Guernsey Tomorrow

November 10, 2010 at 9:57 pm. General News, Letters to Media.

22/06/2009.
These were prompted by, the Guernsey Business Plan, wanting more self suffiency in local produce, and attending Guernsey Tomorrow at Beau Sejour. It was interesting at this work shop, sitting at one of 10 or more tables, when every table’s priority was the need, to produce more in this Island. This is easier said than done and l will try to explain why.
When l first worked in growing with my late father and brother over 40 years ago, it was a lot different. There were over 2,000 growers of differing sizes and about 400 farmers.
At that time, we had a large Guernsey Market, numerous shops, Hotels, guest houses, restaurants and wholesalers around the Island, all selling and using local produce. There were no supermarkets, at that period, my family did supply, the first one which was Manor Stores and all the other ones over the years.
All the produce was cut and delivered fresh, we were almost self sufficient in vegetables, fish and meat. We exported a large number of different sorts of produce, including 8million x 14lbs. trays of tomatoes.
There was very little packaging, no barcodes and most things were sold lose.
Now 40 years later gone the Guernsey Market, gone the numerous shops, hotels, guest houses and wholesalers. Only two large vegetable growers and a few more that grow 1 to 3 things. Most of our food is now imported from around the world, from as far as China.
This is called progress and in some cases, it is and in some it is not.
We because of Global Warming and food miles are now going back, to trying to use more local produce.
Most of our produce is now sold by supermarkets, the few local shops left and the farmers markets, which have grown over the last 5 years or more. For the supermarkets there is a lot more packaging now, which to any producer of vegetables, time consuming, costly and reduces the volume he can grow. Almost 30% of their time is spent, cleaning, packaging and bar-coding, because of the extra quality needed there is also more waste. Also since there is use by and sell by dates, it is estimated that 30% of our food goes in the bin, added to the produce that does not meet quality control requirements, this waste could be as much as 40% of any crop.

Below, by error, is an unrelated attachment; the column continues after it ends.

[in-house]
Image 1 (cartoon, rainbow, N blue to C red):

It is generally accepted that the larger growers, can meet the requirements of continuity, quality, packaging, bar-coding and volume.
It is fair to say that supermarkets have been very demanding in the past, but it is good to see that locally like Forest Stores and Co. Op., talking to growers, to try and get more local produce in their stores.
As for the markets or Farmers markets, they are mainly for the small producer, who has larger overheads.
After the demise of the Town Market, but with the small St. Peters Country Market still on Wednesday, the first Fairfield giant hedge veg., by Floral Guernsey started. This was after a small gap in years, from when the Town Market closed, it was a one off with about 8 stalls, including myself.
This opened it up, for the small producer again, and Peter de Saumarez, then started the Farmers Market on his lawn.
It began with 9 stalls, and is now about 22+, there is also the Fairfield and the small Town Market possibly making over 50.
They are not all produce, but are more like the French ones, with a variety of things.
It must also be asked, why can the French, sell meat and fish, with less restrictions, than we have.
It gives people more of a chose, some with busy lives prefer to shop in supermarkets or convenience shops, and some like the Saturday markets.
I sell local, and try to get people to buy seasonally, thus helping to alleviate Global Warming.
Going back to The Guernsey Business Plan and what people wanted at Guernsey Tomorrow. The overall opinion was, people want more local vegetables and produce.
If we do want more produce of any sort, we have to look at the regulations that make it easier to import from Country’s that are in my opinion, less healthy and less regulated than we are.
We have to make it easier and less costly, for people to get sheep, pigs and other livestock here. It has to be made easier, to butcher and sell them.
This is one of the points I made, there is a need for a small community processing pack house, so that small producers, can reduce their costs.
The small holders need to get, the full value when they sell, this they can only get at a farmers market. They get the full retail price, without this the small producer will not grow.
If he does not grow, the future in the next 5 years, will be competing in the world market, with ever increasing prices, problems caused by the shortage and need for more water on increasingly dryer land.
We have in Guernsey, the quality land, climate, water and the expertise, but the organisation to do it is still at the talking and planning stage
A La Perchoine
Dave Gorvel

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